ALL HE needed was four votes out of nine to be crowned the sole survivor and walk away a millionaire, and that’s exactly what happened for Tom Swartz. He won Survivor South Africa: Philippines last week at a star-studded finale in Cape Town. The 41-year-old from the Eastern Cape won over the hearts of the jury after lasting 39 days in the wild. Head of an anti-poaching unit, Swartz was not the most loved by fellow castaways or viewers, but in the game of Survivor, with R1 million at stake, you must outwit, outplay and outlast.
Born and raised in Amalinda, East London, Swartz said while growing up, he was always outside playing. “My childhood was wild. I always had cuts and bruises as a child, I was always outside playing,” he said.
He continued to stay in East London and start a family there, until he moved to Port Elizabeth five years ago for a job. “I was offered a job as head of an anti-poaching unit in PE. I am a diver and a conservationist so when I was asked to head up a unit that stopped poachers from taking our abalone from our oceans, it only made sense. They also needed someone that was a little crazy and I fit the profile perfectly,” he said.
After a chat full of laughs and jokes with Swartz, it’s easy to see why he won.
Why did you decide to enter
I have always wanted to be on Survivor, or at least a show like it, because I wanted to prove to myself and to others I can survive in these circumstances
How did you prepare for Survivor? Survivor?
I started eating less. It might sound weird to some people because you would probably start eating more knowing you would not be eating every day, but I wanted to get used to that. So I ate less and I started doing lots of cardio workouts just to keep fit… it really helped because the extent of the hunger I went through was insane.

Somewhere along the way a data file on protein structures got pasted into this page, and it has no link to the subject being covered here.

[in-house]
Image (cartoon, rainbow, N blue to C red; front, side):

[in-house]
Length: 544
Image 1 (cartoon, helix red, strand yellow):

Did you have a strategy and what was it?
I wanted to be a provider to the rest of the castaways because I wanted to be needed. Whenever my name came up before tribal council, I wanted people to say: “No, we need him” and I think I was successful with that.
What was the biggest misconception you had of this game?
I thought that they would give us a protein bar if they saw us near dying from starvation, but they do not. If you do not catch it or hunt it, you don’t eat.
Take me through your most difficult day on the island?
For a lot of other castaways, difficult days were when they were really hungry, but for me it was the social aspect. There were a number of people that just did not enjoy my company and when you merge, you don’t have the support of a tribe when it comes to immunity challenges, so that was my most difficult day.
What was the social game like for you?
I don’t think anything can prepare you for the social aspect of this game, it is next level crazy. One day you are in with the cool kids, the next you are out. One day people like you and the next day they can’t stand your presence. It was always crazy and difficult to deal with. Once Vusi came to me with a name to write down when we got to tribal council and, 20 minutes before tribal council, that all changed with no warning.
While on the island what did you miss?
I missed people that I could trust and people that I loved. I really missed a fridge that you could open, and the light would come on and there was food you could eat. Not just any food, but food you actually liked.
After your wife visited you on the island things changed, you seemed motivated?
Oh yes, absolutely! I missed her a lot and her visit changed things for me because I needed the boost and motivation and really,